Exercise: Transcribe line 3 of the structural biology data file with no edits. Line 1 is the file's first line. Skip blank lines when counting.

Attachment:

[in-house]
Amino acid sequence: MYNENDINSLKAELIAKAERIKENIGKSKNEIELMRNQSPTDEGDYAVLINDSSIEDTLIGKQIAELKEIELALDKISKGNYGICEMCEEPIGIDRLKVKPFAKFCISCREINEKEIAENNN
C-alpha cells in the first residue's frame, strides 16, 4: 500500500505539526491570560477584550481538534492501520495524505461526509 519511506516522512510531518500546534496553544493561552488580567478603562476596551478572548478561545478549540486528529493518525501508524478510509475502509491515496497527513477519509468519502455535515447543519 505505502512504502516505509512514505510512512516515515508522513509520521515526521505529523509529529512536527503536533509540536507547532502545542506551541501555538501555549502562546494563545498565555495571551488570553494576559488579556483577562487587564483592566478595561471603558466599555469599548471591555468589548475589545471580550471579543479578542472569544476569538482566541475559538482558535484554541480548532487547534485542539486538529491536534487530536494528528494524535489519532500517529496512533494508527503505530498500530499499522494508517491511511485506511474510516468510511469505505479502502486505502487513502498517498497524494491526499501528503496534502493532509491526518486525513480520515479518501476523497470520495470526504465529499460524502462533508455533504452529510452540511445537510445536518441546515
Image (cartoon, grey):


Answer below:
C-alpha cells in the first residue's frame, strides 16, 4: 500500500505539526491570560477584550481538534492501520495524505461526509 519511506516522512510531518500546534496553544493561552488580567478603562476596551478572548478561545478549540486528529493518525501508524478510509475502509491515496497527513477519509468519502455535515447543519 505505502512504502516505509512514505510512512516515515508522513509520521515526521505529523509529529512536527503536533509540536507547532502545542506551541501555538501555549502562546494563545498565555495571551488570553494576559488579556483577562487587564483592566478595561471603558466599555469599548471591555468589548475589545471580550471579543479578542472569544476569538482566541475559538482558535484554541480548532487547534485542539486538529491536534487530536494528528494524535489519532500517529496512533494508527503505530498500530499499522494508517491511511485506511474510516468510511469505505479502502486505502487513502498517498497524494491526499501528503496534502493532509491526518486525513480520515479518501476523497470520495470526504465529499460524502462533508455533504452529510452540511445537510445536518441546515